Hello Peter

If you have a business, then you have likely had some kind of experience on Hello Peter. While it is meant to be used for all kinds of reviews, it tends to be the home of negative ones.

If you haven’t heard of Hello Peter and have been doing business for some time, now is a good time to Google your company name alongside the phrase, ‘Hello Peter’ if you want to work through a little bit of anxiety.

Yelp

Yelp is another excellent and widely used business review platform. Reviews on this site are crowdfunded, meaning they come from clients and users themselves.

Unlike Hello Peter, however, Yelp is a great place to feature positive reviews in abundance, so it’s worth trying to populate it with experiences of your business.

How do You Get More Reviews?

Clients tend to post negative reviews more readily than positive ones, but that doesn’t mean that positive reviews don’t occur. So to get an impressive collection of positive mentions on sites like those listed above, you may need to give your clients a little nudge in the right direction.

Here are a few effective ways that your business can do that now:

Provide Review Cards

When a job is finished, consider giving your clients a review card that compels them to leave a review of your business on some of the sites mentioned above.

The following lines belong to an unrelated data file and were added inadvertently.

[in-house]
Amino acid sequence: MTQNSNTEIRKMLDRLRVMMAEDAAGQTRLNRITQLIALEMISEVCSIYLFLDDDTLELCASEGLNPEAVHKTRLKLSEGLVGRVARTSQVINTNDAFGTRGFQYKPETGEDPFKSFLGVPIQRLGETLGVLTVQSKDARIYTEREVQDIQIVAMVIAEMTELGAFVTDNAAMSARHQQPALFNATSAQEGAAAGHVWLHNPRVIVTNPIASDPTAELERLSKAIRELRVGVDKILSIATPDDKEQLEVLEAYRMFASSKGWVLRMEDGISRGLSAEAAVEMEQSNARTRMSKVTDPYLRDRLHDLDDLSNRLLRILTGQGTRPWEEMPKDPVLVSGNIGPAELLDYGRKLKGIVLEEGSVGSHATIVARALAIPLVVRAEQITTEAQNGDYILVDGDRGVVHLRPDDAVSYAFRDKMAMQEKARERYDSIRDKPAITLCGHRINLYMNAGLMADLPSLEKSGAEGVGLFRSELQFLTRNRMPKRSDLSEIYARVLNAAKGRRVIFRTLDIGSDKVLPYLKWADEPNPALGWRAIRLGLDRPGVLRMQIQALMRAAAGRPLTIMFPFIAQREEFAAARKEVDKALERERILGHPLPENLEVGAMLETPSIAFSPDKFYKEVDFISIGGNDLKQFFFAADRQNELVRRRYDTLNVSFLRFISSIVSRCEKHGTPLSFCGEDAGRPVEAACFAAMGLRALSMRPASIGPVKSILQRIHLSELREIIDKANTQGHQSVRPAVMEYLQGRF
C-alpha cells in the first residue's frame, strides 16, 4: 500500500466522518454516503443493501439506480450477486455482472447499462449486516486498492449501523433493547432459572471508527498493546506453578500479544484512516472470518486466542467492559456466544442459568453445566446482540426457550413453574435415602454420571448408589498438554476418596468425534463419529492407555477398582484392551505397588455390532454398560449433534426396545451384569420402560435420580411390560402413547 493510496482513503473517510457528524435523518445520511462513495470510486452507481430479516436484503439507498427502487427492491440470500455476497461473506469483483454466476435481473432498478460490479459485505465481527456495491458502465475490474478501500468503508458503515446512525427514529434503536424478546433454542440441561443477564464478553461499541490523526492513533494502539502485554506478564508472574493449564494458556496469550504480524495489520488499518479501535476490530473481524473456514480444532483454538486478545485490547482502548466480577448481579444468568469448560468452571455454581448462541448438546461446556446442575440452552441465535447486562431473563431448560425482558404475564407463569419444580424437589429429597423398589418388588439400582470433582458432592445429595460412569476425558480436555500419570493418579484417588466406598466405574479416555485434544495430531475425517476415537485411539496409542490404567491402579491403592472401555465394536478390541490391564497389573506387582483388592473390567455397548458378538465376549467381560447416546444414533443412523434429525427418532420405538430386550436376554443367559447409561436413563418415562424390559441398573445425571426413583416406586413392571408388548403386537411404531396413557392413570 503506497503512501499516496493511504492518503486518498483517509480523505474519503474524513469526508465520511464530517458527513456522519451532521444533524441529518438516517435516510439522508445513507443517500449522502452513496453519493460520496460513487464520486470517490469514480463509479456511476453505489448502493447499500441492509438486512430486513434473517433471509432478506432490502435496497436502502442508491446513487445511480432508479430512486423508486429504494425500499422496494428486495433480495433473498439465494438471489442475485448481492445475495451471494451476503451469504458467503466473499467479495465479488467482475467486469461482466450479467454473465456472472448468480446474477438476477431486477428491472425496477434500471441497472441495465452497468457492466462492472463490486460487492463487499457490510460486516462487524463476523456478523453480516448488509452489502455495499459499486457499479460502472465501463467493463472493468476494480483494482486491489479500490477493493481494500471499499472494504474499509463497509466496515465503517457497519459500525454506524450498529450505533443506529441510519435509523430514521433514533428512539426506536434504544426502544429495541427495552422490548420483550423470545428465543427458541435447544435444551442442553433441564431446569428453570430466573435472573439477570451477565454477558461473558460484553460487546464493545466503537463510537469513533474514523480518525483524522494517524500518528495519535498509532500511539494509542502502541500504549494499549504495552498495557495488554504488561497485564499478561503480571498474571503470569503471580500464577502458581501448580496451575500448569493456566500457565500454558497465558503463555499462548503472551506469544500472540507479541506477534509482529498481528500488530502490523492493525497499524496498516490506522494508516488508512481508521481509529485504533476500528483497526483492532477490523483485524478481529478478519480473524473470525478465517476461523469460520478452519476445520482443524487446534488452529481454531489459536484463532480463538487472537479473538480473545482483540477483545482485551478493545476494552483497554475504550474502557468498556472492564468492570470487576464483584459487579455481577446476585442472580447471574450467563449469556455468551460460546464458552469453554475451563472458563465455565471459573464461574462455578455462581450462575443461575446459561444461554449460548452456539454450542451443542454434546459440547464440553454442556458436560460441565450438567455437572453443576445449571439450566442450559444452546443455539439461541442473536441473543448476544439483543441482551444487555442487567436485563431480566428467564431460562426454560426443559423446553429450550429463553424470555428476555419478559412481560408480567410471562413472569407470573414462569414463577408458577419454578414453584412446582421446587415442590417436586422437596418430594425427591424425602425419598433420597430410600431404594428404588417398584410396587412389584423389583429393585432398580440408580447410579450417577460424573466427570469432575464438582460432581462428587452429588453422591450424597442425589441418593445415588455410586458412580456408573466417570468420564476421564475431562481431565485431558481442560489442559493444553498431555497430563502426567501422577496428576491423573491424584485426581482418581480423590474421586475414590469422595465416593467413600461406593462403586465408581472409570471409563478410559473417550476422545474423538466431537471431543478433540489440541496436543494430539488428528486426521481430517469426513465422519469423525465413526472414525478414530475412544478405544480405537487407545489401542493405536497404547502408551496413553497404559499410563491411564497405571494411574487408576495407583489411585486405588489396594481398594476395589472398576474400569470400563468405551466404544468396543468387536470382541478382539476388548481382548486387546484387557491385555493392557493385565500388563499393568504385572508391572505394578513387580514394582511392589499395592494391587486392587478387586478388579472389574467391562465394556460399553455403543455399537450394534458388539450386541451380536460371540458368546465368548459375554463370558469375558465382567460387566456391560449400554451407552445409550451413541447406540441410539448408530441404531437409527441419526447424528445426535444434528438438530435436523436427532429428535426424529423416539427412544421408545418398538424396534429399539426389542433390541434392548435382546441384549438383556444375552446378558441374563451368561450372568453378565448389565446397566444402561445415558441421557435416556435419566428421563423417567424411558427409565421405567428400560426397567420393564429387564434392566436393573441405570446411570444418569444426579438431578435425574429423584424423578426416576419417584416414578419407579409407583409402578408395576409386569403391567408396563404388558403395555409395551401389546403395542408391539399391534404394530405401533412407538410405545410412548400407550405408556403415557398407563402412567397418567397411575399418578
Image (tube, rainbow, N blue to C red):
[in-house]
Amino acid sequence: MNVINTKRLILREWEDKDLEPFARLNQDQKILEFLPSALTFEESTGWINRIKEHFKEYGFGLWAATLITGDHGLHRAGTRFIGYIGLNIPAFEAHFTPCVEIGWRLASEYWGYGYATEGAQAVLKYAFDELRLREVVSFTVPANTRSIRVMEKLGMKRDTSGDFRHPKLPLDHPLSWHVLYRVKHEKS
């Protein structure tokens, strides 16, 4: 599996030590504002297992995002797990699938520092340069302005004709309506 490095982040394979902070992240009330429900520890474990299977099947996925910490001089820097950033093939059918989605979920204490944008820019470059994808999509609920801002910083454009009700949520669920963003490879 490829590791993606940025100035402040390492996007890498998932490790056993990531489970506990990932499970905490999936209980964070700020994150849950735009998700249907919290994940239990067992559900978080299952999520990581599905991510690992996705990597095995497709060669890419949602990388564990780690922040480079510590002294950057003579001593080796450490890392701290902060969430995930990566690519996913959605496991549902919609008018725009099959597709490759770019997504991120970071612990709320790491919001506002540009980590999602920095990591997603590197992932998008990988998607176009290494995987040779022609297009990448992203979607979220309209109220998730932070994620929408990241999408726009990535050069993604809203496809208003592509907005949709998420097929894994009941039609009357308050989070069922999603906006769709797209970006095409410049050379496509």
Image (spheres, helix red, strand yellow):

It can be electronic or not, as long as it gives them some direction, as well as instructions on how to go about doing it.

A Link to Google My Business

Let your clients talk about their experience of your business on Google My Business. You do, of course, need to have Google My Business set up for this to happen, but it’s fairly easy to do and is well worth your time.

Offer Staff Incentives

How do you generate positive reviews naturally? Offer a service worth talking about. Reviews therefore offer an excellent way for you to incentivise your staff. Whenever one of their customers leaves a good review of your business thanks to their efforts, why not reward your staff as a result?

This will drive them to offer the best possible customer service that they can.

Contact Right Click Media for Assistance with Your Online Presence

Reviews play a substantial role in both your business’s reputation, as well as how present it is online. A basic understanding of how they work and what they can do for you can do a lot for your marketing efforts.

Next week we will take a closer look at how your business can leverage online reviews for this purpose.

We will talk about how best to respond to positive ones, what to do about negative and fake ones, as well as the viability and ethical concerns related to writing them for your own business.

For further details about how we here at Right Click Media can help you with your online marketing efforts, visit our website or contact one of our sales representatives for details.

John Ottolman

John Ottolman

John Ottolman: Keyword whisperer, content creator, researcher and OCD stricken editor. The imprints of keyboard letters have long-since embossed themselves on his finger-tips. Thirsty for knowledge and hungry to share it, he is here to provide insights from the digital industry.